Annapolis Family Law Attorneys Clarify Parental Relocation Rights

Experienced family lawyers in Maryland aim to prove that your best interests are your child’s best interests

Whether you seek a better paying job, an improved living situation, or simply would like to be closer to family, relocating after your divorce can be advantageous. Relocating can also be complicated when it affects your child’s custody or visitation schedule. No matter which parent you are, the relocating or non-relocating parent, it is necessary to protect the best interest of your child. You want an Annapolis family lawyer who understands the circumstances of these situations. For years, the skilled attorneys of Cynthia H. Clark & Associates P.A. have been providing Maryland clients with capable guidance in these and other complex family law matters.

Protecting the best interests of the children

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Relocation will affect your children no matter what. Focus on their well-being, as you will be asked by the Maryland court whether the move would be in your children’s best interest. The court will consider:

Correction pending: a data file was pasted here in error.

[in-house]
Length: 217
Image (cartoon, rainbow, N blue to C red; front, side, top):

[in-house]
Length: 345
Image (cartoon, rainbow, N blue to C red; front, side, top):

• Where each parent lives
  • How their residences will affect visitation
  • The fitness, character, and reputation of each parent
  • The children’s health, age, and sex
  • The children’s wishes

If visitation and access to the other parent will be cut off, the court might deny your request. Your reasons for moving should be altruistic, in the best interest of your family, and able to be made clear to the court and your former spouse.

Relocation can be a precarious situation, and this family law issue will require the assistance of an attorney who can help provide and assist with alternative custody and visitation arrangements. Both parents’ rights will need to be accommodated, and at times this means getting creative.

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    Maryland’s relocation rules after a divorce

    Maryland law requires that you provide 90 days notice to the other parent and to the court of your intention to move out of your current jurisdiction. This includes moving in-state or out-of-state.

    Should you have more immediate needs and not be able to give 90 days notice, how relocation will affect your child or children will be up to the consideration of the court. You will need to provide compelling reasons for the urgent relocation, such as a financial emergency. Your trusted Annapolis family law attorney can help you prepare to answer these questions.

    Filing a notice of intent to move does not mean you will automatically be granted the right to relocate. The other parent can file an objection within 20 days of the original notice. A court will then schedule a hearing to determine a resolution.

    In either case, the court will focus on the best interests of the child.

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